When Christians sin, they feel bad about it. They wish they hadn’t. They repent. There is a general movement in the direction of holiness, supported by the power of the convicting, comforting Holy Spirit inside them. If you don’t see that in the life of a person who claims to be a Christian—they just plain old aren’t one.

Did I beat that horse to death?

If God hates, can we hate?

Well, yes and no. We’re created in God’s image, so yes, we have the capacity to both love and hate. As His children, we will naturally love what He loves and hate what He hates. If He hates deception, we will hate deception. If He hates arrogance, we will hate arrogance. If He hates those who assault innocent children, we will hate those who assault innocent children.

There are some believers who say they love God, but they full on embrace the things He hates. And they shamelessly kick to the curb that which He loves. If that doesn’t make our blood boil, how can we say we belong to Him? We should be passionate about this stuff.

BUT…here’s the difference between God’s hatred and ours when it comes to hating actual human beings. God knows who will ultimately turn to Him in repentance, and we don’t. So we can’t take revenge or act on our hatred. That’s God’s job, and our trust in Him will enable us to leave the justice in His very capable hands.

If someone, including a spouse, claims to be a brother or sister in Christ, then we show good faith and honor toward them by pointing out unrepentant sin in their lives and setting up boundaries to protect ourselves from them if they choose to remain in their sin.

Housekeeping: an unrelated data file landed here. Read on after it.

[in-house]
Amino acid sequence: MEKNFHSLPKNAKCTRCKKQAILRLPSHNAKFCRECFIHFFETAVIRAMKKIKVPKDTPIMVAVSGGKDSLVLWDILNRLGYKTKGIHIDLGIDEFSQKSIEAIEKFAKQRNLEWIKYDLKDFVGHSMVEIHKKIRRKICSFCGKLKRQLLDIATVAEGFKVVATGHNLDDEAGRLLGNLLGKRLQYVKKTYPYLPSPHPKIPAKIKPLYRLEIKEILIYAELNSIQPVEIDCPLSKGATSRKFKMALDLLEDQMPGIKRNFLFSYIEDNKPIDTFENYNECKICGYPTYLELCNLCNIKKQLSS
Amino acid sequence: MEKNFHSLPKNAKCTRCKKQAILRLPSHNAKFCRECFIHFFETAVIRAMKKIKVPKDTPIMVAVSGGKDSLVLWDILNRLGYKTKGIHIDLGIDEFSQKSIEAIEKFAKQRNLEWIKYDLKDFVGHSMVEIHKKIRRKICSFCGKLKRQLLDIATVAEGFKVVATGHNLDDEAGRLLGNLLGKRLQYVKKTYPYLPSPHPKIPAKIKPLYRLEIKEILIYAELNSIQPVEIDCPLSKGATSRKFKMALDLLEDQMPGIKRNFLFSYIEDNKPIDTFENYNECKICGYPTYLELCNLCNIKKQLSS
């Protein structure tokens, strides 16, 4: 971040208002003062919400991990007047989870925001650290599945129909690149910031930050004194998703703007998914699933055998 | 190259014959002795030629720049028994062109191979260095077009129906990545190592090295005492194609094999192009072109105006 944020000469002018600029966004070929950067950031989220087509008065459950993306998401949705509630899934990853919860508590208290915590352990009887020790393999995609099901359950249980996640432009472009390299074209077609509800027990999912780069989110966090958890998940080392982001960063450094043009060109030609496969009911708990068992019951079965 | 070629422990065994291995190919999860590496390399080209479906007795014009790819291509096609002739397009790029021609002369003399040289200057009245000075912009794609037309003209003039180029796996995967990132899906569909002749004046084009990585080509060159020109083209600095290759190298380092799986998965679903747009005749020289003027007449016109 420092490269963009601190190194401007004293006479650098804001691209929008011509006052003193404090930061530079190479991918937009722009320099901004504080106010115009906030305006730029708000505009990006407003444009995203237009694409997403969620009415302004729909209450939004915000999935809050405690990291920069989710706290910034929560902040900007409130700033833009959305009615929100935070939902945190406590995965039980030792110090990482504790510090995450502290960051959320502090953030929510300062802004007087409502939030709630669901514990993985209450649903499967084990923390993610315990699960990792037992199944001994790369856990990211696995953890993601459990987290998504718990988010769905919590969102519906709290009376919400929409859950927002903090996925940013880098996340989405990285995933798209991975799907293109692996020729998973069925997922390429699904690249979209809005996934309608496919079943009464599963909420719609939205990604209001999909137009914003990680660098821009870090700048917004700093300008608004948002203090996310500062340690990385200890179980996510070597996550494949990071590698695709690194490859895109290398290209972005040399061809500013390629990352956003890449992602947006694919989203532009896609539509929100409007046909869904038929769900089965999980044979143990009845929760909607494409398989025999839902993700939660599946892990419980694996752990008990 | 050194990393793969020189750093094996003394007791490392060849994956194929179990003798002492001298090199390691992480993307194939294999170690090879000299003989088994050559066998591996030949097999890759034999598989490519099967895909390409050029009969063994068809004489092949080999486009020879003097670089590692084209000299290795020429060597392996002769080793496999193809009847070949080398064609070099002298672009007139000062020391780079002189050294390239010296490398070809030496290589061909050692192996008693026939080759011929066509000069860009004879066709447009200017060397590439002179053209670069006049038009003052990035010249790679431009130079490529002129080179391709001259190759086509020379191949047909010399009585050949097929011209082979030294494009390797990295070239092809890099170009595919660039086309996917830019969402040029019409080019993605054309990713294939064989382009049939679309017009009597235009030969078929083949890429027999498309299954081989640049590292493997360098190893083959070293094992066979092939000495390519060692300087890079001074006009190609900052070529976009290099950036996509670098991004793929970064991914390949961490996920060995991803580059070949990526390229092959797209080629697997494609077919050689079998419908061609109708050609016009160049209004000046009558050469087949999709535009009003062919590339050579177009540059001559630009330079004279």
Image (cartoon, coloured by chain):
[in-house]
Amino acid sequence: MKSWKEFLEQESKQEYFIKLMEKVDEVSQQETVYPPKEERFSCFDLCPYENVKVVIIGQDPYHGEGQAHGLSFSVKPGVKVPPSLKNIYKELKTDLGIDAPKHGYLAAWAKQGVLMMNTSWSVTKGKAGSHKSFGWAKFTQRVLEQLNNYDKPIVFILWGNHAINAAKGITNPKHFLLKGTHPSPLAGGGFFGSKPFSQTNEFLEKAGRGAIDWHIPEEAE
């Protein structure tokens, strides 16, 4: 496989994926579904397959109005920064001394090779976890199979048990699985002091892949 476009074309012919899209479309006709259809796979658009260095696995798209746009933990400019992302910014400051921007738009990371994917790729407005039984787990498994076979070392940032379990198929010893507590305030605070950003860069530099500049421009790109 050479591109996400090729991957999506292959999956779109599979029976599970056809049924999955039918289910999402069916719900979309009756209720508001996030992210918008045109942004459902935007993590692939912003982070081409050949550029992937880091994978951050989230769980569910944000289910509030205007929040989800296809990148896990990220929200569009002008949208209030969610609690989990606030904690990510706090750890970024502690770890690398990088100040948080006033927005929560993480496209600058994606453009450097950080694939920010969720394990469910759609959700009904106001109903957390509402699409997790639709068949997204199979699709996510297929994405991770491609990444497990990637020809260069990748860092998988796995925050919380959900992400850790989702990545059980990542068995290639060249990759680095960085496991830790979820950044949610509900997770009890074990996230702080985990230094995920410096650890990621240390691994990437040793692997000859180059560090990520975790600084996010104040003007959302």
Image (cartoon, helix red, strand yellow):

(Quick rabbit trail – marriage doesn’t negate all the other “one another’s” in the Bible.  You can’t take all of the hundreds of verses that talk about relationships and just chuck them out once you’re married. They all apply to marriage, too. They ESPECIALLY apply to marriage. So next time you are reading the Bible and it seems to contradict itself, ask yourself why. We need to look at the context of things and the literature genre a particular book belongs to. We are being simple minded if we just flippantly take the words at face value without doing any studying and comparing a single verse with the whole of Scripture.)

This is not just for relationships outside of marriage, but most certainly for marriage relationships as well. Hopefully, you will have a church that supports holding a chronically sinful and unrepentant spouse who claims to be a Christian accountable. But if you don’t, you can do that on your own. It’s just a hell of a lot harder. Emphasis on the hell.

See, it’s not loving in the least to enable a true fellow Christian, whether they are your friend, child, spouse, parent, teacher, co-worker or whatever, to go on year after year after year in unrepentant sin without setting up some kind of boundary.

The Bible says we reap what we sow. This is natural law God set up, and we do the world a disservice every time we fight against that law. When your spouse sows discord and pain and sorrow in your relationship, and you shield him from reaping the consequences of that (which might include experiencing a poor relationship, lack of intimacy, or even separation), he falsely believes he is above the law of God. He will continue on his downward track toward hell, and you will suffer in ways God never intended you to suffer. This isn’t loving or true or right. I don’t care what your pastor tells you. He’s maybe got an agenda, and that’s all he cares about.

Nobody benefits from circumventing God’s law.